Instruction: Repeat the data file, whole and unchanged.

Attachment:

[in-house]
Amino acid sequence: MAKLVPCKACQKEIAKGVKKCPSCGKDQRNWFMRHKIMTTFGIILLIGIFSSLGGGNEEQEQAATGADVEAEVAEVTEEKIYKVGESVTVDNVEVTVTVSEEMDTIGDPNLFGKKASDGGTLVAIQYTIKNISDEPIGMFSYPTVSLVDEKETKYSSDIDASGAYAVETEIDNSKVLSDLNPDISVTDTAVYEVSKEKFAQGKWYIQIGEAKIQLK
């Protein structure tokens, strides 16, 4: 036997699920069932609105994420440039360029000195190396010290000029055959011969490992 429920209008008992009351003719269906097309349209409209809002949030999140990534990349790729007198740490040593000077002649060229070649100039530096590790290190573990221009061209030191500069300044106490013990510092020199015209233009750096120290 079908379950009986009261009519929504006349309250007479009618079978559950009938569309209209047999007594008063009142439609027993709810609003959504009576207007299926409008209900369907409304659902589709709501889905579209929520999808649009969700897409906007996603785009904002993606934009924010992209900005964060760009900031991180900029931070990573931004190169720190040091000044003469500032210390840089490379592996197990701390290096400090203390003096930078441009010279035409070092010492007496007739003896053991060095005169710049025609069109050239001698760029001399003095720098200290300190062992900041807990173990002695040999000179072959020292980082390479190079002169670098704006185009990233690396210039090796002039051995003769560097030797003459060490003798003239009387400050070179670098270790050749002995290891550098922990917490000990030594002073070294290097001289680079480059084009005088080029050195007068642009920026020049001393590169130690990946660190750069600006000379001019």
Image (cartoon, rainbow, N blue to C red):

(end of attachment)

[in-house]
Amino acid sequence: MAKLVPCKACQKEIAKGVKKCPSCGKDQRNWFMRHKIMTTFGIILLIGIFSSLGGGNEEQEQAATGADVEAEVAEVTEEKIYKVGESVTVDNVEVTVTVSEEMDTIGDPNLFGKKASDGGTLVAIQYTIKNISDEPIGMFSYPTVSLVDEKETKYSSDIDASGAYAVETEIDNSKVLSDLNPDISVTDTAVYEVSKEKFAQGKWYIQIGEAKIQLK
């Protein structure tokens, strides 16, 4: 036997699920069932609105994420440039360029000195190396010290000029055959011969490992 429920209008008992009351003719269906097309349209409209809002949030999140990534990349790729007198740490040593000077002649060229070649100039530096590790290190573990221009061209030191500069300044106490013990510092020199015209233009750096120290 079908379950009986009261009519929504006349309250007479009618079978559950009938569309209209047999007594008063009142439609027993709810609003959504009576207007299926409008209900369907409304659902589709709501889905579209929520999808649009969700897409906007996603785009904002993606934009924010992209900005964060760009900031991180900029931070990573931004190169720190040091000044003469500032210390840089490379592996197990701390290096400090203390003096930078441009010279035409070092010492007496007739003896053991060095005169710049025609069109050239001698760029001399003095720098200290300190062992900041807990173990002695040999000179072959020292980082390479190079002169670098704006185009990233690396210039090796002039051995003769560097030797003459060490003798003239009387400050070179670098270790050749002995290891550098922990917490000990030594002073070294290097001289680079480059084009005088080029050195007068642009920026020049001393590169130690990946660190750069600006000379001019």
Image (cartoon, rainbow, N blue to C red):